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Nerlens Noel Has No Idea How The 76ers Will Manage Their Logjam Either

Photo credit: Mitchel Leff/Getty

Nerlens Noel is a center. Though he played some power forward last year in an attempt to accommodate Jahlil Okafor, center is the position he played his rookie year, and when Okafor was off the court, and it’s really the only position he fits because of his size and his lack of offensive game.

But with Okafor still on the roster and with forever-rookie Joel Embiid supposedly healthy enough to play, the logjam at the center position will be even worse, and Noel is none too happy. Via The Philadelphia Inquirer:

“I think it’s just silly . . . this situation that we are in now with three starting centers,” Noel said on the eve of the Sixers’ media day. “With the departure of [former general manager and president] Sam Hinkie, I would have figured that management would be able to get something done this summer.”

“I feel like it definitely needs to be figured out,” he said. “I think at the end of the day, again, you have three starting-caliber centers. And it’s just not going to work to anybody’s advantage having that on the same team. That’s how I’m looking at it. I’m not opposed to anything, but things need to be situated.”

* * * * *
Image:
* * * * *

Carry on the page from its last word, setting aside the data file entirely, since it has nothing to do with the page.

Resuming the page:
Noel said all the right things about respecting his teammates and working hard no matter the situation, but it’s quite clear he is frustrated by past and current 76ers management.

It is one thing to have three good centers and struggle to find them all playing time. But we don’t even know if the 76ers have one good center, and there isn’t enough playing time to go around to figure out if any of these young, raw players—who could really benefit from the type of veteran guidance the 76ers, until recently, refused to employ—are part of their future.

Sliding to power forward is no salvation, either; there Noel would compete with rookies Ben Simmons and Dario Saric for minutes.

There is a further complication here, which is that none of these players are compatible. Not a single one of them has an outside shot worth a damn, and attempting to play Simmons or Saric as a wing to relieve the logjam will only compound this problem. This entire gambit seems to hinge upon Embiid—a 7-foot-2 rookie who has missed two full seasons with foot injuries—becoming a transformational two-way player.


More likely, it results in immense amounts of frustration, very fun anonymous leaks to the media, and somebody being traded midseason for dryer lint.

[Philadelphia Inquirer]

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Kevin Draper

Reporter at the New York Times

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